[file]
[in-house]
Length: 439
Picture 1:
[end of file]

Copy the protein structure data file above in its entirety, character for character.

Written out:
[in-house]
Length: 439
Picture 1: